It was ONVU Learning’s second time attending DIDAC India after last year’s 2018 event in Delhi. Once again, we were impressed not just by the size and scale of the show, but by the scale of education in India and the energy that is being devoted to improving it. Whether talking to entrepreneurs who run chains of 600 plus schools, learning about the India Government’s plans to train over 4 million teachers through online learning, or presenting to a packed conference room, we met engaged, open and enthusiastic educators who are keen to use technology to solve educational problems.
Hear directly from two of the ONVU Learning’s team members who experienced DIDAC India 2019 first hand.
I had been asked to deliver a workshop on professional remote video coaching as part of the British Educational Suppliers Association (BESA) programme. I started it in the right way, by showing a picture of Sachin Tendulkar. Cricket is a shared passion of the UK and India – and is also a sport that has embraced video technology, from coaching to umpiring. The audience liked our combination of coaching methodology and technology and became very engaged when I shared personal outcomes from teachers in the UK and India who had been able to become more dynamic and engaging teachers as a result of coaching. I have to give a lot of thanks to the team at BESA for all their help before, during and after the event!
I was also extremely impressed by other speakers and audiences at the exhibition. Many of the themes and pressures on Indian schools were immediately familiar – early career training for teachers to bring them up to speed quickly in the classroom, how to make best use of social media without exposing children to the negative aspects of it and enabling teachers to deliver more complex and rich curriculums. I enjoyed the greater level of audience engagement than I’m used to in the UK, the honesty with which delegates admitted the issues facing their schools and the practical suggestions that came in response.
Abhishek Kumar (ONVU Learning Regional Director – South Asia):
There were probably fewer visitors to DIDAC this year than last – but this was more than made up by the quality and seniority of those who were there. And while there were a lot of exhibitors, they covered a huge area of expertise – from IT and AV equipment to publications and artificial intelligence. That meant that we were unique in what we offered. As a result, at the stand we had a lot of visitors who were interested in the use of digital technology for CPD – and how we were using it. Our case studies of work we’ve done at The Doon School were also of great interest.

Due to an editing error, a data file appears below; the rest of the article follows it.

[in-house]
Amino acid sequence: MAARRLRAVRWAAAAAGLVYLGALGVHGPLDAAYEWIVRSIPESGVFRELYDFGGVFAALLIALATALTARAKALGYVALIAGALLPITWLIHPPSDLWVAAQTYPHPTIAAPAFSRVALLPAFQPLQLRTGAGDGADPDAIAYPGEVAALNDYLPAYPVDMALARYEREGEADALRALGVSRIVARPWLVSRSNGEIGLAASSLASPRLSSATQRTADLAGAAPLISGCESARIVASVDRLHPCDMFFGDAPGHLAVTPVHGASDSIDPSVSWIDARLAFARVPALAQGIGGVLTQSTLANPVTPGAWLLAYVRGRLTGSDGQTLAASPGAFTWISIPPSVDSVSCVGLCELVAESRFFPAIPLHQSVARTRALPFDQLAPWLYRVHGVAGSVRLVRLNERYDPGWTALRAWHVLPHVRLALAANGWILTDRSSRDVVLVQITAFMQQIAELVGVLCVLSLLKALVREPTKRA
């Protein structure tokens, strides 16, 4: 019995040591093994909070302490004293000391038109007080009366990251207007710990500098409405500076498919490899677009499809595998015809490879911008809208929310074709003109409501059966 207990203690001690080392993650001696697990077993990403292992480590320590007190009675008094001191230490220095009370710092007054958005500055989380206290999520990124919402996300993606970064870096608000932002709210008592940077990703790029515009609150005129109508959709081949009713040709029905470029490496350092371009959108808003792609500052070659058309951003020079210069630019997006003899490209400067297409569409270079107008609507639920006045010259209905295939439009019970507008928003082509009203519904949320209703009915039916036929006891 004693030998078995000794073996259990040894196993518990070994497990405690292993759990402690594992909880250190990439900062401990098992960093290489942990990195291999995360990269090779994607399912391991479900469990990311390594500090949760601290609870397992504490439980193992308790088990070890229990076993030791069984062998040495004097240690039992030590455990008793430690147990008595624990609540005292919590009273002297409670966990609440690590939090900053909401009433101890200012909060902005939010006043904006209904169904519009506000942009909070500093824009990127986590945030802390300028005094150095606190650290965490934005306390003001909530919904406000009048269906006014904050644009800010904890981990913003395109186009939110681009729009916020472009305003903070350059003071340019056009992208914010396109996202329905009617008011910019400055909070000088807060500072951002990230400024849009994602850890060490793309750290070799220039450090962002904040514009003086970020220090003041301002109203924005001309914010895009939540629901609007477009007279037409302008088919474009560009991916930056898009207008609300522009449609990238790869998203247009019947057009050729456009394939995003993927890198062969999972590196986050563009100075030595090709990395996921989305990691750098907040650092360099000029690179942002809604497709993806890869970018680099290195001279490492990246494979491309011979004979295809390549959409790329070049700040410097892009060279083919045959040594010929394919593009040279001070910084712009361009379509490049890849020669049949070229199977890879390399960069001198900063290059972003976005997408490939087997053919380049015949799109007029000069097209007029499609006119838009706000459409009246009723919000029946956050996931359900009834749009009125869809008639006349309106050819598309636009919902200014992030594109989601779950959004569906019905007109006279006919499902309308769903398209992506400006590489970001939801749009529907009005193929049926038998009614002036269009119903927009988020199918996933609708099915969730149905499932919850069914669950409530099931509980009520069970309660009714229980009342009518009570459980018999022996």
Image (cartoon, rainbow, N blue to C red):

Back at the ONVU Learning stall, I spoke to many private and government school providers. Many of the private schools are engaged in a war for quality teaching – families choosing private education are looking beyond smaller class sizes and are asking for better teaching and more challenging learning. Many of my conversations focused on ways to help teachers take up opportunities for development. Government schools were also very keen to explore opportunities for improving teacher quality, and it seemed to me that this was being driven at both the federal and state level. On a lighter note, we’d brought a range of ‘give-aways’ to the event. I wasn’t surprised by how popular our Traditional British Sweets were with delegates – sugar is sugar anywhere in the world – but our Union Jacks (British Flags) were also highly prized – a good sign for all UK exporters!
I had several conversations about vocational training – again something that has a strong link to our work in that teachers can review student work as well as their own teaching in order to improve their performance.
Walking around the exhibition there was clear evidence of deep and engaged conversations. Some countries and large exhibitors had brought some truly impressive stands and were seeing correspondingly large numbers of visitors, especially those who were offering innovative digital content. It also reinforced for me the sheer scale of change in Indian education – rather than refurbishing individual schools as in the UK, I heard stories of people looking to make changes in thousands at the same time.
And finally, the evening Awards ceremony was certainly one of my personal highlights of the event. This was truly well organised and impressive, from the graphics to the drone that shocked me by swooping low and filming the event. Of course, winning an award was the icing on the cake!
If you have attended DIDAC India 2019, we would love to hear about your experience of the show. Did you find what you were looking for? And did you have a chance to visit our stand and speak to the team? Share your comments on our LinkedIn or Twitter pages.
To find out more about how ONVU Learning can help your school improve its teaching and learning using our innovative teacher training and development solution called Lessonvu, please get in touch with our team now.